As anticipated, the majority of patients presenting to pharmacies had low PCQ scores. This is consistent with the profile of a population in a developed country that seeks over-the-counter symptomatic treatment.7 However, the scope to intervene in the pharmacy setting and to promote early intervention for significant bowel disease was also suggested by the relatively large proportion of patients (8.7%) with PCQ scores over 50. Extrapolated across Australia, which has 4992 community pharmacies, this implies that if three eligible patients are presenting to each pharmacy every week, then 14 976 such patients could be seen at pharmacies per week.[4,8] This is equivalent to 0.07% of the total population, i.e. a much smaller proportion of the population than was reported to have lower bowel symptoms in Australia.[9] Those who presented to pharmacies with PCQ scores over 50 had a significant risk of pathology, and most such patients will consult their GP if urged to do so.[4]

It has been established that most patients survive five years or more if diagnosed at the earliest stages of colorectal cancer.10 Currently, the major strategy to improve the outcome for colorectal cancer is a national bowel screening programme. Screening seeks to identify patients with asymptomatic bowel disease. However, the screening programme in Australia is limited to patients aged exactly 50, 55 and 65 years.[11] Patients outside these age limits are not formally offered a screening test, and yet a significant number of cancers occur outside this range. Therefore there is a need to maintain a high index of suspicion for cancer and other chronic and life limiting pathologies among patients who present with rectal bleeding and persistent or unexplained changes in bowel habit. Data published on colorectal cancers suggests that there is no ‘typical’ clinical presentation that characterises all treatable cancers and that such cancers can also be symptomatic. Therefore all symptomatic patients must be assumed to have treatable lesions until proven otherwise.[12] Patients depend on advice from theirmedical practitioner or pharmacist about themost appropriate management of their symptoms. Neither pharmacists nor GPs have been shown to reliably recognise all presentations of significant colorectal pathology.[13,14] Therefore innovations to assist healthcare practitioners to advise patients may assist in improving outcomes for patients.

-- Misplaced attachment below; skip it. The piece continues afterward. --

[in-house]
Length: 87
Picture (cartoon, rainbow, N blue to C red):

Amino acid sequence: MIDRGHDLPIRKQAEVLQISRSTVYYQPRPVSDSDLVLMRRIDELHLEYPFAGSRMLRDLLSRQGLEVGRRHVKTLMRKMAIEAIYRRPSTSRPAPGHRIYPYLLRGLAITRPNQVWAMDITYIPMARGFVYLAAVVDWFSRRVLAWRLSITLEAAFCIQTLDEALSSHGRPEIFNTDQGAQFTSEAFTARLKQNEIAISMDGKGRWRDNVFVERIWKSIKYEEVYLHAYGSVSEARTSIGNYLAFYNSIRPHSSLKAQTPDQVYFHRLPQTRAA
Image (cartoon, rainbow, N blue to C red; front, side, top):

Patients who choose to buy anti-diarrhoeal drugs or rectal creams in Western Australia must speak with a pharmacy assistant or a pharmacist before being able to purchase these items.[15] This affords an important opportunity to administer the PCQ and to identify patients who should be encouraged to consult amedical practitioner. We acknowledge that these are preliminary data and that we are not able to confirm the diagnosis for each patient. However, modest numbers of patients were advised to consult a doctor, and a small number consulted a doctor despite the relatively low risk of pathology suggested by their PCQ score. These data support the case for a formal trial to test the value of the PCQ to signpost symptomatic patients to appropriate health care. Pharmacists have an established role in supporting healthcare delivery in Australia. They offer an important focus for innovations to intervene early in chronic and life-threatening conditions.


No Funding source.

Ethical Approval

Ethics approval was obtained from the Curtin University Human Research Ethics Committee (HR115/ 2008).

Peer Review

Not commissioned; externally Peer Reviewed.

Conflicts of Interest